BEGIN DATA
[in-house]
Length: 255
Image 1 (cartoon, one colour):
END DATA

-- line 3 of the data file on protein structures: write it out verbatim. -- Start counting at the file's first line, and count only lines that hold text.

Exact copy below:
Image 1 (cartoon, one colour):